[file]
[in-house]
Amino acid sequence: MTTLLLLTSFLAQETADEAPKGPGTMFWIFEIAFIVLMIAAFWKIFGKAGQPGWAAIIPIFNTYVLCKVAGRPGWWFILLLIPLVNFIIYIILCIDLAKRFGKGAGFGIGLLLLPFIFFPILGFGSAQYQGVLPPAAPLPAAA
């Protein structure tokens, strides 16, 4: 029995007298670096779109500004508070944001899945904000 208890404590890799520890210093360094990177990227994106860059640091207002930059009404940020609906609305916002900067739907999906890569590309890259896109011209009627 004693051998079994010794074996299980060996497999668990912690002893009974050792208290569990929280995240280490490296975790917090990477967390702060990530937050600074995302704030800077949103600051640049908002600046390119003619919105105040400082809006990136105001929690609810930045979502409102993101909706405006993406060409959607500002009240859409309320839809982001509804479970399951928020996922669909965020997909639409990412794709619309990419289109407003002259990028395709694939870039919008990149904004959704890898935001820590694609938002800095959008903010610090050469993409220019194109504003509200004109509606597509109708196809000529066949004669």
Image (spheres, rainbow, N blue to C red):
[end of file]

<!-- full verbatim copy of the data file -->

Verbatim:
[in-house]
Amino acid sequence: MTTLLLLTSFLAQETADEAPKGPGTMFWIFEIAFIVLMIAAFWKIFGKAGQPGWAAIIPIFNTYVLCKVAGRPGWWFILLLIPLVNFIIYIILCIDLAKRFGKGAGFGIGLLLLPFIFFPILGFGSAQYQGVLPPAAPLPAAA
């Protein structure tokens, strides 16, 4: 029995007298670096779109500004508070944001899945904000 208890404590890799520890210093360094990177990227994106860059640091207002930059009404940020609906609305916002900067739907999906890569590309890259896109011209009627 004693051998079994010794074996299980060996497999668990912690002893009974050792208290569990929280995240280490490296975790917090990477967390702060990530937050600074995302704030800077949103600051640049908002600046390119003619919105105040400082809006990136105001929690609810930045979502409102993101909706405006993406060409959607500002009240859409309320839809982001509804479970399951928020996922669909965020997909639409990412794709619309990419289109407003002259990028395709694939870039919008990149904004959704890898935001820590694609938002800095959008903010610090050469993409220019194109504003509200004109509606597509109708196809000529066949004669």
Image (spheres, rainbow, N blue to C red):